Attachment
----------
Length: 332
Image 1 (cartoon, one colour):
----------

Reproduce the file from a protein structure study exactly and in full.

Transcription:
Length: 332
Image 1 (cartoon, one colour):